Testing a model of biological soil crust succession
Cassia F Read, Jane Elith, Peter A Vesk
JOURNAL OF VEGETATION SCIENCE | WILEY | Published : 2016
QUESTION: Biocrust composition is important for the diversity, structure and function of dryland ecosystems globally, but there is no universally applicable model of biocrust succession, and the models that do exist may not apply everywhere. We ask: (1) how do biocrust species vary in their response to time since livestock exclusion (Time) across environmental gradients; (2) is there evidence for ruderal, mid‐ and late successional responses to Time in biocrust species; (3) can exploration of species attributes within response groups reveal potential mechanisms for biocrust succession; and (4) do our data support an existing standard conceptual model of biocrust succession described in the l..View full abstract
Awarded by ARC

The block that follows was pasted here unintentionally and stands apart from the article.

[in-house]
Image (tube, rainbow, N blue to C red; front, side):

We thank W. Morris for help in developing model code; D. Meagher, A. Downing and J. Elix for help with species identifications; B. Weber and M. Bowker whose comments considerably improved this manuscript; C. Moxham, M. White and personnel from Greening Australia, DPI and the North Central CMA for assistance with site selection; F. Pereoglou for field assistance; landholders and Parks Victoria for access to properties; and Birchip Cropping Group for assistance with landholder engagement. This project was supported by the Holsworth Wildlife Research Fund, North Central and Mallee CMAs through NHT and the National Action Plan for Salinity and Water Quality, and the Victorian State Government initiative 'Our Rural Landscapes'. JE was supported by ARC grant FT0991640 and the Centre of Excellence for Biosecurity Risk Analysis, and PV by the ARC Centre of Excellence in Environmental Decisions and National Environmental Research Program-Environmental Decisions.